When the Mid-Atlantic Fishery Management Council (MAFMC) met in Philly back in December and voted to remove the previously-adopted closure of the recreational scup fishery in federal waters from January 1 to April 30, it effectively resulted in a year-round open porgy season in federal waters.

Regrettably, the MAFMC also agreed that states will have to implement a 10% reduction in the recreational harvest of porgy in 2024/2025 meaning a regulatory change to season, size and bag limits beginning this season.  In other words, before Atlantic Coastal states can enjoy a porgy reopening they each have to first let NOAA Fisheries know how they plan on implementing a 10% overall harvest cut in the scup fishery.

“No state can reopen porgy without a conservation equivalency proposal,” said Jeff Brust, Chief at the Bureau of Marine Fisheries in New Jersey during the January 5th meeting of the New Jersey Marine Fisheries Council (NJMFC).

In responding to the potential for an early reopening of porgy, NJMFC had previously taken a vote to approve notice of the reopening, at first opportunity to do so.  That however is dependent on the Atlantic States Marine Fisheries Commission (ASMFC) and their advisors approving a new set of regulations to meet the 10% reduction of porgy for 2024-2025.  Brust said he expects that New Jersey’s porgy proposal will be reviewed by ASMFC advisors by mid-February and hopefully approved.

“Once we know ASMFC has approved our plan we will submit that notice to the commissioner,” Brust said, explaining how the Commissioner of the New Jersey Department of Environmental Protection (NJDEP), Shawn LaTourette, would need to sign off on that change before the scup fishery could reopen in New Jersey.  “We’re looking roughly at the end of February, beginning of March,” Brust said.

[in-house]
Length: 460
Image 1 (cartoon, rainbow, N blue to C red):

New Jersey’s proposals for meeting the 28% reduction in summer flounder harvest for the 2024 season are also due back to the MAFMC by the end of January.  According to Brust, that deliberative body will meet again in early February to determine if New Jersey’s proposals for fluke season, size and bag meet the required reduction.

The council’s Recreational Summer Flounder Advisory Committee will convene during the week of January 8th, at which point potential options for the fluke season will make their rounds on social media before being sent for final MAFMC review.

Ultimately, NJMFC will make a final decision on new fluke limits at its March 7, 2024 in Stafford Township.  Both MAFMC and ASMFC have approved status quo black sea bass measures in 2024, which means the New Jersey council members will also take into consideration any slight modifications to the 2024 black sea bass season when they convene again on March 7 at the Stafford Township Administration Building at 260 E. Bay Avenue in Manahawkin at 5 p.m.


A sparsely attended New Jersey Marine Fisheries Council meeting in Galloway Township on January 4, 2024, where regulatory updates on fluke, sea bass and porgies were discussed.